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History of Modern Philosophy
Chapter V. English Philosophy in the Eighteenth Century
by Falckenberg, Richard


Besides the theory of knowledge, which forms the central doctrine in his system, Locke had discussed the remaining branches of philosophy, though in less detail, and, by his many-sided stimulation, had posited problems for the Illumination movement in England and in France. Now the several disciplines take different courses, but the after-influence of his powerful mind is felt on every hand. The development of deism from Toland on is under the direct influence of his "rational Christianity"; the ethics of Shaftesbury stands in polemic relation to his denial of everything innate; and while Berkeley and Hume are deducing the consequences of his theory of knowledge, Hartley derives the impulse to a new form of psychology from his chapter on the association of ideas.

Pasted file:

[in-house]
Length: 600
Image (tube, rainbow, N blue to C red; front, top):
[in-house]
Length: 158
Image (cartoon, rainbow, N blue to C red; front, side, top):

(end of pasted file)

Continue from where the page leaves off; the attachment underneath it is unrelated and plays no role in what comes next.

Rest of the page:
1. Natural Philosophy and Psychology
2. Deism
3. Moral Philosophy
4. Theory of Knowledge
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